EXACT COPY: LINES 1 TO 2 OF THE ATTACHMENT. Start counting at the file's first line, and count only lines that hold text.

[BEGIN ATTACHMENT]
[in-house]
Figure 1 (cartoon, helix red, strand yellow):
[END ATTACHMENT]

[in-house]
Figure 1 (cartoon, helix red, strand yellow):